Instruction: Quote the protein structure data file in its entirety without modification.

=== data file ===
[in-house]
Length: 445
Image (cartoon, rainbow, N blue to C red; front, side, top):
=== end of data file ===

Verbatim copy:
[in-house]
Length: 445
Image (cartoon, rainbow, N blue to C red; front, side, top):